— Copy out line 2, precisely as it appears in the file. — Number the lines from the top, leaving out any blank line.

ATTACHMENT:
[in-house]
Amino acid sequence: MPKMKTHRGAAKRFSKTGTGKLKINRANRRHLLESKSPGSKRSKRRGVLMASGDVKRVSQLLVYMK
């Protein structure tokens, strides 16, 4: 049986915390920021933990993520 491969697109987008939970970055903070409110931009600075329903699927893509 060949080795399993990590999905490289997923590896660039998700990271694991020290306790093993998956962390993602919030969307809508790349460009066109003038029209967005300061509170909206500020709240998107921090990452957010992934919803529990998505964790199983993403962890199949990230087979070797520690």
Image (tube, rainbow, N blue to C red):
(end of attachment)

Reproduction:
Amino acid sequence: MPKMKTHRGAAKRFSKTGTGKLKINRANRRHLLESKSPGSKRSKRRGVLMASGDVKRVSQLLVYMK